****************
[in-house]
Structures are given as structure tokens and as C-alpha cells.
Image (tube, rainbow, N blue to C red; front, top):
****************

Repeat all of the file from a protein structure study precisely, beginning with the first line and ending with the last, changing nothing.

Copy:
[in-house]
Structures are given as structure tokens and as C-alpha cells.
Image (tube, rainbow, N blue to C red; front, top):